An all-student referendum will be held in 4th week of Trinity regarding OUSU’s affiliation with the National Union of Students (NUS). The referendum will ask voters the following question: “OUSU is currently affiliated to the National Union of Students (NUS). Should it continue to be affiliated: yes or no?”
Nominations to lead the campaign for either side will open on Sunday 27th April at 12pm (first week) with elections for these campaign meetings to be held the following day.
OUSU’s Returning Officer, Alexander Walker, issued a directive on the OUSU website earlier this month concerning the referendum. While all student members of OUSU can go to the briefing meetings to vote, only those who wish to support the ‘Yes’ campaign may go to the ‘Yes’ briefing, and only those who wish to support the ‘No’ campaign may go to the ‘No’ briefing.
Only the Returning Officer and his deputies may attend both meetings. Both will take place at the OUSU building, with the ‘Yes’ meeting happening at 10am and the ‘No’ meeting at midday.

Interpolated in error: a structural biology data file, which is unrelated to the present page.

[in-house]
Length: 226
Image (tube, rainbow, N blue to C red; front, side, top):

Tom Rutland, the current OUSU President, plans to run to lead the ‘Yes’ campaign. It is not yet known who intends to run to lead the ‘No’ campaign.
“Oxford students benefit greatly by being part of NUS,” Rutland commented. “Affiliation allows us to influence NUS policy, ensure that we have a national union fighting for students’ interests and take advantage of the incredible array of discounts the NUS Extra Card provides.
“Disaffiliating from NUS would cost Oxford students money, it would isolate us from the national student movement, and it would weaken both unions”.
The NUS are currently producing a tailor-made report on the private letting industry and the state of student housing in Oxford in an attempt to help OUSU target accommodation problems experienced by Oxford students.
Student campaigner Nathan Akehurst told Cherwell, “NUS has a range of problems with democracy and careerism. It is not a visible presence in OUSU students’ lives beyond the Extra card. However, NUS does do a huge amount of important work, lobbying and campaigning on a national level in a way OUSU couldn’t. It would be foolish and irresponsible to give up our place in the national student movement.”
Not all universities are affiliated with NUS, however, as Jack J. Matthews points out. He thinks it does no harm to the perceptions of potential students, commenting, “Southampton and Imperial continue to be top destinations for students despite being independent from NUS.”
Akehurst disagreed. “Given the amount of bad press Oxford gets, and with the disaffiliation charge led by the political right, NUS disaffiliation would create potentially inaccurate stories about perceived Oxbridge arrogance.”
All students registered within the university will be able to vote, regardless of their college’s own affiliation with OUSU.